The ‘Egyptian’ Arab League

In the early eighties, we travelled as students from Washington to Cairo as part of a political science study tour. During the trip, I do not know why our teacher decided to visit the Diplomats Club, a beautiful old building on Talaat Harb Street. We met a number of workers in the Egyptian foreign ministry there and everything in it suggested nobility and reminded us of the days of the Pashas. Our teacher, Alan Taylor, said that the Egyptian diplomacy has survived, even after the 1952 revolution.

Most of the elite families, or those who excelled in their studies, held significant political positions abroad. The private club, which was designed by a French architect, used to symbolize high-end diplomacy; it included people from ambassadors to cooks who were assigned to work in Egyptian embassies around the world. Ancient Egyptian diplomacy, similar to the hundred-year-old Diplomats Club, preserved their traditions.

Ahmed Aboul Gheit, the new Secretary General of the Arab League, is a veteran diplomat who has had a remarkable run across Egyptian diplomatic missions from New York to Moscow. As a foreign minister he has dealt with different regional issues and conflicts with major powers.

Although there are those who complain about Egyptian monopoly over the post of the Arab League Secretary General, no Arab country has been able to provide what the 22 member states used to agree upon, except agreeing on the host country’s suggestions. No candidate or country, other than Egypt, has been accepted by all others.

Arab governments have failed to take advantage of the Arab League to benefit their citizens so they have transformed it into a forum for disputes

Abdulrahman al-Rashed

If events of the past is anything to go by, the real problem is not the Secretary-General’s position – as several changes have been made to empower the Arab League – but the persistence of Arab conflicts.

The inability of the member states to start a political discourse has thwarted the rest of its activities, paralyzing most of its work. The League’s headquarters and the position of the Secretary-General are not the problem. This became evident when, under pressure from Saddam Hussein and Hafez al-Assad, the League’s headquarters were moved from Egypt to Tunisia and handed over to Chedli Klibi. Nonetheless, this did not prove to be a step forward.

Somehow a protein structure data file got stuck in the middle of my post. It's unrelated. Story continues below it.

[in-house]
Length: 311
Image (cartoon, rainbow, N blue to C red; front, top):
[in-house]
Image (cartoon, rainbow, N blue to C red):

Man at the helm

With Aboul Gheit in power, we do not expect miracles, although he is the best person to manage the League, which was founded when Britain announced its support for any Arab Association after World War II. The new Secretary-General recognizes the importance of the League and the importance of what it represents. He knows that it could be of great value if the governments of the member states overcome their differences and agreed to cooperate.

The Arab League represents a huge region with resources that can make it a major power. It is the fourth in terms of global population (300 million people) and the second in the world in terms of area surface. The challenge is in achieving a collective Arab agenda; Arab governments have failed to take advantage of the Arab League to benefit their citizens so they have transformed it into a forum for disputes.

I do not think that the new Secretary-General can change this reality if its influential member states fail to agree on common projects leading to development and stability. Dr. Nabil el-Araby, the Secretary-General whose term ended, held the position during times of chaos of revolutions. More importantly, he was able to save the League from collapse and total chaos.

The new Secretary-General, Aboul Gheit, has assumed charge at a time that is no less dangerous, with the growing threats from Iran, and the raging wars in Syria, Libya and Yemen, as well as political differences between member states at its worst.

This article was first published in Asharq al-Awsat on Mar. 12, 2016.
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Abdulrahman al-Rashed is the former General Manager of Al Arabiya News Channel. A veteran and internationally acclaimed journalist, he is a former editor-in-chief of the London-based leading Arab daily Asharq al-Awsat, where he still regularly writes a political column. He has also served as the editor of Asharq al-Awsat’s sister publication, al-Majalla. Throughout his career, Rashed has interviewed several world leaders, with his articles garnering worldwide recognition, and he has successfully led Al Arabiya to the highly regarded, thriving and influential position it is in today.

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Last Update: Wednesday, 20 May 2020 KSA 09:50 - GMT 06:50
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